FIG. 1 is a graph of the differential thermic analysis of a MPMS according to the invention; and
FIG. 2 is a graph of X-ray diffraction spectra for 2 qualities of porous PMS according to the invention.
The polymethylsilsesquioxanes according to the invention are obtained by acid precipitation of an aqueous solution of a polymethyl-siliconate, followed by filtration and drying. The reaction for preparation of the polymethylsilsesquioxanes according to the invention is illustrated hereinbelow in the schematic equation (1), in which the formula (I) is representative of a polymethylsiliconate suitable for use in the invention and the formula (II) is representative of a precipitate forming after the addition of a suitable acid by means of a condensation reaction of the polymethylsiliconate.
The polymethylsilsesquioxane obtained by the reaction schematically shown above and forming the subject of the invention can be approximately described by the empirical formula (CH3SiO1.5)x. However, it is not possible to specify the value x, that is to say to give the exact molecular weight of the polymethylsilsesquioxane, given that the latter is insoluble in all known solvents in view of its very high molecular weight.
In the equation (1), the letter M represents an alkaline metal such as Li, Na, K, an alkaline-earth metal such as Mg, Ca, or an NH4 + group, preference being for Na and K. The value n in the formula (I), which represents the number of repeated [MOSi(O)CH3] units, is a whole number between 20 and 100, preferably between 30 and 80. The siliconates characterised by the formula (I) are soluble in water and can be bought on the market as aqueous solutions. We have found that good results are obtained if the product known by the name of Rhodorsil® Siliconate 51T, marketed by Rhône-Poulenc, is used as the siliconate. This product is an aqueous solution of potassium polymethylsiliconate at about 46% by weight, with a pH of about 13 and a density of about 1.34.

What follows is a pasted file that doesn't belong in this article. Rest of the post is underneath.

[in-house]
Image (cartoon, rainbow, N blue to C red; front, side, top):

Nevertheless, it is also possible to prepare the polymethyl-siliconates used in the synthesis of the PMS from the polymethylhydro-siloxane known by the name of PMHS and represented by the following formula (III):
In this formula (III), n has the same value as specified hereinabove for the polymethylsiliconates, namely between approximately 20 and 100, preferably between approximately 30 and 80. The desired polymethylsiliconates are obtained by converting the Si—H bond to an Si—O+M− bond, M representing an alkaline metal, an alkaline-earth metal or NH4 +. This conversion can be carried out e.g. by alkaline hydrolysis using a base such as NaOH, KOH, Ca(OH)2, or by the action of an alcohol followed by alkaline hydrolysis. It is also possible to use the polymethylsiliconates obtained by the reduction of a carbonyl substrate using PMHS and a catalyst, being a metal salt, preferably zinc, followed by alkaline hydrolysis. Such a process forms the subject of international application WO 96/12694 in the name of Firmenich SA. The content of this application in respect of the preparation of the polymethyl-siliconates from PMHS forms part of the present application and is incorporated herein by reference.
In the preparation of the said polymethylsiliconates, used as starting materials, we obtained the best results, from the point of view of the properties of the PMS obtained as end product, when we had recourse to a PMHS with a viscosity between 15 cSt and 50 cSt, preferably between 25 cSt and 35 cSt, and a density between 0.95 and 1.02.